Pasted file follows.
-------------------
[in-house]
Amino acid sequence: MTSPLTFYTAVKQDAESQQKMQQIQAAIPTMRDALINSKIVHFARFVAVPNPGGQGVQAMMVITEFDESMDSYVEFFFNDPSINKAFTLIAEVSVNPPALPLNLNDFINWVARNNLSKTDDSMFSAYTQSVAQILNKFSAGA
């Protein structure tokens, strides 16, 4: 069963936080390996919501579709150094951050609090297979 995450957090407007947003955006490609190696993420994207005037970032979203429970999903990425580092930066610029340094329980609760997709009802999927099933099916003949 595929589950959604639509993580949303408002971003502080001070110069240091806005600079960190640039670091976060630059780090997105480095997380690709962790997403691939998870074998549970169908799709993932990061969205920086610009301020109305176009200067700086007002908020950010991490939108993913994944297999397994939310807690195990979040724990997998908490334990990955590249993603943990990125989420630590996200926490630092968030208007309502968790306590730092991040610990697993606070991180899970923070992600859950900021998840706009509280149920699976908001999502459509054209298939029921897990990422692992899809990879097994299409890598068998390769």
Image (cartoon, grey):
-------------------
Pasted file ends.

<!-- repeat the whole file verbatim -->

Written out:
[in-house]
Amino acid sequence: MTSPLTFYTAVKQDAESQQKMQQIQAAIPTMRDALINSKIVHFARFVAVPNPGGQGVQAMMVITEFDESMDSYVEFFFNDPSINKAFTLIAEVSVNPPALPLNLNDFINWVARNNLSKTDDSMFSAYTQSVAQILNKFSAGA
């Protein structure tokens, strides 16, 4: 069963936080390996919501579709150094951050609090297979 995450957090407007947003955006490609190696993420994207005037970032979203429970999903990425580092930066610029340094329980609760997709009802999927099933099916003949 595929589950959604639509993580949303408002971003502080001070110069240091806005600079960190640039670091976060630059780090997105480095997380690709962790997403691939998870074998549970169908799709993932990061969205920086610009301020109305176009200067700086007002908020950010991490939108993913994944297999397994939310807690195990979040724990997998908490334990990955590249993603943990990125989420630590996200926490630092968030208007309502968790306590730092991040610990697993606070991180899970923070992600859950900021998840706009509280149920699976908001999502459509054209298939029921897990990422692992899809990879097994299409890598068998390769």
Image (cartoon, grey):